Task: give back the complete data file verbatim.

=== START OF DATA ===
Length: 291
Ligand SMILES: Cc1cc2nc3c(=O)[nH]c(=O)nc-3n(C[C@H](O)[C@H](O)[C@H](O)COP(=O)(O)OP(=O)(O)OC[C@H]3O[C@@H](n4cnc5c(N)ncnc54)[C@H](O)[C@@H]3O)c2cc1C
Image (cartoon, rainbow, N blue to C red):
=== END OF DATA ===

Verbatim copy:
Length: 291
Ligand SMILES: Cc1cc2nc3c(=O)[nH]c(=O)nc-3n(C[C@H](O)[C@H](O)[C@H](O)COP(=O)(O)OP(=O)(O)OC[C@H]3O[C@@H](n4cnc5c(N)ncnc54)[C@H](O)[C@@H]3O)c2cc1C
Image (cartoon, rainbow, N blue to C red):